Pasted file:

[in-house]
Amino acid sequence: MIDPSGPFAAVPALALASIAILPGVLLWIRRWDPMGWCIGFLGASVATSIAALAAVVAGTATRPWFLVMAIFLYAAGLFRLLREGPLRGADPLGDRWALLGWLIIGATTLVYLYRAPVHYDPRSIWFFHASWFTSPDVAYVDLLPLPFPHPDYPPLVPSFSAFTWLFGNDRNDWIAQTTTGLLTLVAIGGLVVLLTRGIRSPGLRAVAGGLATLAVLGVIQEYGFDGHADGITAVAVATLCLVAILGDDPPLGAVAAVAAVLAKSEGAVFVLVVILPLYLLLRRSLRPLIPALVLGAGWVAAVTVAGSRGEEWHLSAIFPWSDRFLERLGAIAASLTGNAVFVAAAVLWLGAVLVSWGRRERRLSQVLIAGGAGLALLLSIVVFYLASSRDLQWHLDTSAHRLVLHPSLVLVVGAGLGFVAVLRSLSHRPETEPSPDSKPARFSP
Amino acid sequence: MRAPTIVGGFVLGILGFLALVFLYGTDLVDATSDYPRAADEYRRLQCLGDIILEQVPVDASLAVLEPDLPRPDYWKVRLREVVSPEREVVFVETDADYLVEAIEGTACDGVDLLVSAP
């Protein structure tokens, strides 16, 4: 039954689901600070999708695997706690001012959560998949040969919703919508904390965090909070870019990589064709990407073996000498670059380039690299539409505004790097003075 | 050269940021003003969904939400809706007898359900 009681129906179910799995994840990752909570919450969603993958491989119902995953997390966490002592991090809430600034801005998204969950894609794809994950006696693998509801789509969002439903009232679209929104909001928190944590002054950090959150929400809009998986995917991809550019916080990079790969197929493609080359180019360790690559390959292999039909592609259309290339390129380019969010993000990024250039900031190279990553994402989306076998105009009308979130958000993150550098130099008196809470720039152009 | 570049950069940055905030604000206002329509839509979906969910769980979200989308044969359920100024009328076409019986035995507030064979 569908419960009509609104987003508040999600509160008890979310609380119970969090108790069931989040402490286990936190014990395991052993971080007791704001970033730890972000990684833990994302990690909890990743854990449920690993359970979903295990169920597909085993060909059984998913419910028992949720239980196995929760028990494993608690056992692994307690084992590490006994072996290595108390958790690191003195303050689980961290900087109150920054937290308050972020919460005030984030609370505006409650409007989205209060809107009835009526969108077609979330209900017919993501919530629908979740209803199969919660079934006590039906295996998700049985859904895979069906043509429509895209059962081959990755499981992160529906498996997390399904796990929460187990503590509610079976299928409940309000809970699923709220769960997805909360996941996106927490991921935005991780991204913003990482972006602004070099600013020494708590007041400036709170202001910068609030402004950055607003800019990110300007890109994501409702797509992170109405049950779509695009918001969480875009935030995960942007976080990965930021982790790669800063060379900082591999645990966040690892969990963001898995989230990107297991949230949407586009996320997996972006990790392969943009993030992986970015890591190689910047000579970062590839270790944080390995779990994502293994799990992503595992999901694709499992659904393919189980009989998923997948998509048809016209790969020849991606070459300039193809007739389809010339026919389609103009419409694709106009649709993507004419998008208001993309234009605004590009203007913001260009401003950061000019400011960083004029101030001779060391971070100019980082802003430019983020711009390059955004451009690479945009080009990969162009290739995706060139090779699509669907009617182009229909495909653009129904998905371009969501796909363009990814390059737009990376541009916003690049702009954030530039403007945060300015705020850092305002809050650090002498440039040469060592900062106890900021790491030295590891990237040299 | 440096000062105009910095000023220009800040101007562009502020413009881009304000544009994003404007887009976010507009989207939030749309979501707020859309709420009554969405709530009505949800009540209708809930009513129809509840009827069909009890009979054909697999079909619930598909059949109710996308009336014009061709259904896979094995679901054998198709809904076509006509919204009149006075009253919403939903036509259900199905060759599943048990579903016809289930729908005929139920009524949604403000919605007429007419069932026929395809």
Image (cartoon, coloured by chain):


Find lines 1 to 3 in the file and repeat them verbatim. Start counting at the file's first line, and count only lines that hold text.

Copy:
[in-house]
Amino acid sequence: MIDPSGPFAAVPALALASIAILPGVLLWIRRWDPMGWCIGFLGASVATSIAALAAVVAGTATRPWFLVMAIFLYAAGLFRLLREGPLRGADPLGDRWALLGWLIIGATTLVYLYRAPVHYDPRSIWFFHASWFTSPDVAYVDLLPLPFPHPDYPPLVPSFSAFTWLFGNDRNDWIAQTTTGLLTLVAIGGLVVLLTRGIRSPGLRAVAGGLATLAVLGVIQEYGFDGHADGITAVAVATLCLVAILGDDPPLGAVAAVAAVLAKSEGAVFVLVVILPLYLLLRRSLRPLIPALVLGAGWVAAVTVAGSRGEEWHLSAIFPWSDRFLERLGAIAASLTGNAVFVAAAVLWLGAVLVSWGRRERRLSQVLIAGGAGLALLLSIVVFYLASSRDLQWHLDTSAHRLVLHPSLVLVVGAGLGFVAVLRSLSHRPETEPSPDSKPARFSP
Amino acid sequence: MRAPTIVGGFVLGILGFLALVFLYGTDLVDATSDYPRAADEYRRLQCLGDIILEQVPVDASLAVLEPDLPRPDYWKVRLREVVSPEREVVFVETDADYLVEAIEGTACDGVDLLVSAP